The wheeze was disclosed by Sir Stephen Lander, the head of MI5, at a conference for academics at the public record office in Kew, south-west London. A hitherto unnoticed file in the archives refers to the "security use of gerbils", Sir Stephen said. What he did not disclose is that the wrong kind of people would be arrested.
    The idea that the small furry pets could be employed as spycatchers was first mooted by Canadian scientists in the 1970s. The plan was to place a cage of gerbils by the immigration desks at airports. On the other side of the queue of passengers, an electric fan would discreetly blow the scent of excess sweat in the direction of the cage. The gerbils would get excited and in a trained Pavlovian response they would push a lever, pointing the (metaphorical) finger of suspicion at the suspect.
    Most national security agencies were wary of such a scheme. It was, however, put into operation by Shin Bet -the Israeli internal security service - at Tel Aviv airport. Until, that is, it found that instead of catching spies or terrorists, the gerbils caught innocent victims who were giving away their terror of flying.
    British security sources also pointed out that the gerbils could not distinguish between sweat produced by a nervous spy and passengers suffering from carrying heavy baggage. The gerbil trap proved less successful than other schemes featuring in an exhibition at the PRO, Shaken not Stirred. The exhibition, which opens today, describes how MI5 trained peregrine falcons to intercept enemy pigeons used to convey secret messages.


MI5's secret plan to recruit gerbils as spycatchers
The Telegraph, Saturday 30 June 2001
By Michael Smith, Defence Correspondent

MI5 considered using a team of highly-trained gerbils to detect spies and terrorists flying into Britain during the 1970s, Sir Stephen Lander, the service's director-general, revealed yesterday. The plan was based on the ability of gerbils to detect a rise in adrenalin from changes in the scent of human sweat.
    Sir Stephen said the Israelis had put the idea into practice, placing gerbil cages to the side of security checks for travellers at Tel Aviv airport. A suitably placed fan wafted the scent of the suspect's sweat into the cage.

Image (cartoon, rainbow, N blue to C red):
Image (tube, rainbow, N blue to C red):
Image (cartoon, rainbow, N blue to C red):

The gerbils were trained by Pavlovian response to press a lever if they detected increased adrenalin, receiving food as a reward. The system was never put into practice by MI5 because the Israelis were forced to abandon it after they found that the gerbil could not tell the difference between terrorists and passengers who were scared of flying.
    Speaking at a conference at the Public Record Office in Kew, Sir Stephen said MI5 archives contained a complete volume on the idea - which was based on Canadian research for the Royal Canadian Mounted Police - written in the 1970s. Although Dame Stella Rimington made a practice of speaking publicly in an attempt to change MI5's secretive reputation, yesterday's Missing Dimension conference was only the second occasion that Sir Stephen has done so.
    The conference marks a new PRO exhibition on espionage, Shaken Not Stirred, starting today, which includes exhibits on a number of spies including Mata Hari and a spy paid the equivalent of L6.5 million by King George I to spy on the Stuarts. The Missing Dimension refers to the fact that most histories are written before intelligence files have been released and so omit a crucial element of what occurred and why. Sir Stephen admitted that it would be a long time before MI5 would be able to release details of its Cold War activities.


Why MI5 wanted gerbils with a nose for fear
The Times, Saturday 30 June 2001
BY MICHAEL EVANS, DEFENCE EDITOR

THE short, secret role of gerbils in the hunt for suspected hostile infiltrators was revealed by the head of MI5 yesterday. Sir Stephen Lander, Director-General of the Security Service, who was once head of MI5's registry of files, recalled seeing a file which described the special sniffing qualities of the domestic rodent. An MI5 man came up with the idea in the 1970s of using gerbils to detect nervous people arriving at airports. Apparently the Canadians had found that gerbils had such a powerful sense of smell that they could detect the slightest whiff of adrenalin, the chemical released in sweat when human beings are under stress.
   Sir Stephen, who revealed the tale of the gerbils during a private conference at the Public Record Office in Kew, said that the idea was that rodents were kept in cages and concealed fans wafted air across a suspect's hands towards the animals' nostrils. If the gerbils started to lick their lips at the thought of tasting the salt in the excreting sweat, it would give the game away and the suspect would be led away for further interrogation.